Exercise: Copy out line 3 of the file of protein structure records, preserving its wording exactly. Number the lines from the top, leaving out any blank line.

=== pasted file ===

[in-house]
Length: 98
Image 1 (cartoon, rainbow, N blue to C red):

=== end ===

Image 1 (cartoon, rainbow, N blue to C red):